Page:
SECTION E – OFFER

 

E.1 Proceeds of the issue/offer

Not applicable. This document does not constitute an offer or invitation to any person to subscribe for or purchase any shares in South32. BHP Billiton and South32 will not receive any proceeds as a result of the Demerger.

 

E.2a Reasons for the issue/offer and use of proceeds

Not applicable. This document does not constitute an offer or invitation to any person to subscribe for or purchase any shares in South32. South32 will apply for its ordinary shares to be traded on the ASX, JSE and LSE, in connection with the Demerger. South32 will not receive any proceeds as a result of the Demerger.

 

E.3 Terms and conditions of the offer

Not applicable. This document does not constitute an offer or invitation to any person to subscribe for or purchase any shares in South32.

 

E.4 Interests material to South32/the offer including conflicting interests

Certain South32 Directors and some of the Independent Competent Persons have shareholding interests in BHP Billiton and will therefore have shareholding interests in South32 immediately following the Demerger. South32 does not consider the interests of the Independent Competent Persons to be sufficiently material to compromise their independence. So far as the South32 Directors are aware, no other person involved in the Demerger has any interest, including conflicting ones, that are material to the Demerger.

 

E.5 Name of persons offering to sell the securities

Lock-up agreements details, including the parties involved and indication of the period of the lock-up

Not applicable.

 

E.6 Amount and percentage of immediate dilution resulting from the offer

Not applicable.

 

E.7 Estimated expenses charged to the investor by South32

Not applicable.

 

8     South32 Listing Document


Table of Contents
2 RISK FACTORS

In addition to the other information set out in this document, the following risk factors should be carefully considered. The risks and uncertainties described below represent those the South32 Directors consider to be material as at the date of this document. However, these risks and uncertainties are not the only ones facing South32 and the South32 Businesses or relevant to an investment in South32 Shares. Additional risks and uncertainties not presently known to the South32 Directors, or that the South32 Directors currently consider to be immaterial, could also materially and adversely affect the business, results of operations, financial condition and/or prospects of South32. In such case, the market price of the South32 Shares could decline and investors may lose all or part of their investment. Prospective investors in South32 Shares should consider not only the information on key risks summarised in Section 1, but also, among other things, the risks and uncertainties described below.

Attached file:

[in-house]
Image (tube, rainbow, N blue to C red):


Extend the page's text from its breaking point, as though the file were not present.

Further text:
Many of these are risks to which South32 and the South32 Businesses are already exposed, while others arise or are increased as a result of the Demerger and the ability to take mitigating action may be more limited. Some of these risks may be mitigated by appropriate controls, systems and other actions as further described below, but others will be outside the control of South32 and may not be able to be mitigated.

Investors and prospective investors should consider carefully whether an investment in South32 is a suitable investment in light of the information in this document, their ability to bear risk and the financial resources available to them.

 

2.1 EXTERNAL RISKS RELATING TO THE INDUSTRIES IN WHICH SOUTH32 OPERATES

 

(a) Fluctuations in commodity prices and impacts of ongoing global economic volatility may negatively affect South32’s results, including cash flows and asset values

The prices South32 obtains for its products are determined by, or linked to, prices in world commodity markets, which have historically been subject to substantial volatility. Commodity prices are affected by underlying global economic and geopolitical factors, industry demand and supply balances, product substitution and national tariffs. In particular, the Chinese market has been a key driver of global materials demand and pricing over the past decade. A slowing in China’s economic growth or additional supply has the potential to adversely impact prices for many of South32’s products. South32’s exposure to a range of commodities and customers operating in different economies, provides a level of diversification to partially protect against this risk.